For I know your name

So begins this darkly comic incantation on the gods and scourges of the 21st century. The Walmart Book of the Dead was inspired by the ancient Egyptian Book of the Dead, funerary texts with accompanying illustrations containing spells to preserve the spirit of the deceased in the afterlife. In Lucy Biederman’s version, shoplifters, grifters, drifters, and hustlers, desirous children, greeters, would-be Marxists, wolves, and circuit court judges, wander Walmart unknowingly consigned to their afterlives.

“This BOOK is for the dark hours, the seam that ties the end of the evening to sunrise, when the bad, wrong things people do in and around Walmart are a hospital infection, red Rit dye in a load of whites, a gun in a classroom: by the time the problem is identified, it’s already ruined everything.”

 So, of course, you'll want to read ‘The Walmart Book of the Dead’‘The Walmart Book of the Dead’ review.

Monday, January 8, 2018

Ancient Egypt January 8

Egypt recovers 3 ancient mummies from US
PROMario Sánchez Prada/Flickr

The Egyptian Ministry of Antiquities announced on Wednesday that it has recovered parts of three ancient mummies from the United States, which had been stolen and smuggled out of Egypt in the early 20th century.

The supervisor-general of the ministry’s repatriation department, Shaaban Abdel Gawad, said in a statement that “the ministry had succeeded following several diplomatic negotiations to recover three pieces of various ancient mummies.”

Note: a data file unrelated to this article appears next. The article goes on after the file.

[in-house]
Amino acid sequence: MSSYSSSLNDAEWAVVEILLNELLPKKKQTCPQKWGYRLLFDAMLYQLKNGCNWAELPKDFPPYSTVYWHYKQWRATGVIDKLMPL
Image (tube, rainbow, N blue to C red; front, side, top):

For more on this topic:

Ancient Egypt VIII: Ancient Egyptians initiate world literature
‘Sinuhe’ story papyrus – Wikimedia Commons

January 2018: Prominent archaeologist and author, Enas El Shafie, traced the origins of Ancient Egyptian history in a TV interview with Ibrahim Hegazy, aired on state-owned TV.

El Shafie has introduced evidence to illustrate how world literature was inspired by Ancient Egyptian heritage, including the stories of Snow White and Cinderella, and narrative poems, like Divine Comedy and Iliad.

Dawn of Egyptian Writing
(Alberto Urcia, Elkab Desert Survey Project)

Archaeologists have discovered an oversized inscription that offers a new glimpse into the early development of the Egyptian writing system. A team led by Yale University Egyptologist John Darnell found the hieroglyphs on a cliff face within view of a desert road north of the ancient city of Elkab. Dating to around 3250 B.C., they were carved during Dynasty 0, a period when the Nile Valley was divided into competing kingdoms and scribes were just beginning to master writing.


Ring with portrait of a Ptolemy wearing the Egyptian double crown, about 186 - 145 B.C., gold.
Musée du Louvre. © RMN-Grand Palais / Art Resource, NY. Photo: Hervé Lewandowski.

“Beyond the Nile is the first exhibition to provide a comprehensive overview – spanning more than two thousand years – of Egypt’s interactions with the classical world. It is an unprecedented compilation of works of art from the Bronze Age to the late Roman Empire, drawn from the major museums of Europe and America, as well as the Getty’s own collection,” said Timothy Potts, director of the J. Paul Getty Museum and one of the curators of the exhibition. “From trade, exchange, and artistic borrowings to diplomacy, immigration, and warfare, the cultures and histories of these two civilizations were intimately intertwined for millennia. The monuments and art that resulted provide spectacular evidence of how profoundly these so different cultures affected each other, and indeed the global culture we share today.”